Wednesday, May 18, 2016

Remembering Marcel IV

Marcel, the Good Ole Boys 
made your life hell, in high school, 
taunting you to make themselves feel big.
You could not come out as gay
in 1964 Immaculata High,
but they sensed your difference from the herd 
and avoided their own insecurities by tormenting you.
"Begone, thou milk-faced fools!" you'd rage,
face red, tears of frustration in your eyes.
They fell about laughing like the fools they were.
I did not know how to stop their taunting cries.

I fell in beside you, as you walked away,
in solidarity, and wordlessly we trudged
away from those laughing fools, 
just one more day we'd spent  
surviving school.

You waited for me every morning after that,
at the corner of Richter and Elliott in the snow.
We'd trudge back towards the unfriendly, lighted school,
part at the lockers with a silent nod.
"Courage!" was the word we did not say,
but needed, to withstand each painful day.

In university, you lived your happiest years,
and found your one brief love,
 finally were accepted as the brilliant, funny, 
endearing intellectual you were.
Ten times more interesting than the fools 
who'd jeered,
you went on to a brilliant career.

I found you again years later,  
ill, struggling, impoverished, alone.
You had been gay-bashed, identified your attacker,
but the police were indifferent to your plight.
You grew tired of the struggle
of surviving. I heard you faltering, 
but did not recognize the clues,
one afternoon received a phone call.
You had left this world.
I'd lost the friend I thought I'd never lose.

I wish I could write a happier end
to the story that was your life, my friend.
I would write of kindness and inclusion
and your life continuing on.
The world is much diminished
by your being gone.

for Susan's prompt at Midweek Motif: Bullying. 

I have written earlier poems, and a story, about Marcel's life, which impacted me profoundly. He left a letter for me when he left this world, saying he had just gotten tired of the struggle. In the photo he is holding his beloved Paprikas, two weeks before his death, when he already knew he would be leaving. I found out when it was too late that his dying wish had been that Paprikas be spared the trauma of going to the SPCA, that he be put to sleep. But the family had just 24 hours to clear out his apartment, and in haste they took poor Paprikas to the SPCA after all. This photo haunts me. A sad life, that should have been much happier.


  1. Thank you, thank you. And thak you. This story cannot be told too much, and it also cannot be undone.
    "The world is much diminished
    by your being gone."

  2. this is so very heartbreaking Sherry...i have no words, simply choking...

  3. Such a tragic loss and heartbreaking tale of a kind soul. May he rest in peace. Amen.

  4. I remember this poem of yours years ago. It is not one you could forget.He looked like such a gentle soul.How many people I wonder ever did anything to help him befriend him. All a person needs mainly is a strong person on their side who will stand for them.This reminds me of going to funerals where wonderful words are spoken about the departed and you know the person died alone and none of the mourners ever went near them.Sorry I don't think much of that family either with the cat story...of course something could be done with the cat...Leave the stuff and save the cat!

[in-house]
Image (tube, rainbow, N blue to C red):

5. Through, the valley of Death, I have walked, like Marcel, just didn't have the courage, for that final trip, to embrace Death, in her arms, as we dance, my last tango.

  6. What a stunning poem and tribute to a man that deserved so much better. Being different is a mark of creativity of seeing the world in a new light it is so important that we do not lose such people.

  7. I remember this one Sherry ~ May he be at peace ~

  8. Heartbreaking.. what makes us so cruel and limited as a race that we find ways to exclude anything that shows us a mirror to our own weaknesses. You were a good friend Sherry and am sure that made a difference.

  9. One of the most perplexing things in this world is way difference that causes no harm to others and only brings love is so detested by others.

  10. I too had a gay friend, a very good friend who was highly intelligent - could speak 9 languages and played in a symphony orchestra. Music was his outlet. I say was, because I have not connected with him for a long long time. He too supported me when I walked a troubled road. Now, I am not sure where he is... but maybe...maybe I should check... A beautiful, beautiful, moving poem...And I detoured too to the read the story...

  11. As i read i knew the end but didn't want to - we lose the best people and yet they are remembered by the best people too - the courage to survive is a heavy burden and you can feel that in his face particularly in the last picture.. may peace come to those who deserve it - and i am glad that you keep your friend alive

  12. Every time I read about Marcel I am so very sad. What a tragedy that he was bullied so much that he could not take it any more. People can be SO cruel.

  13. what a sad tale.. and yet there is so much to admire in his bravery. Until it all got too much. Even the strongest break sometimes

  14. Dear Sherry...a wonderful story, and no, some wonderful stories do have sad endings....I am sorry his didn't end happier.

  15. A sad story Sherry. The world is indeed oft full of pain for those whom we regard as different.
    Kind regards
    Anna :o]


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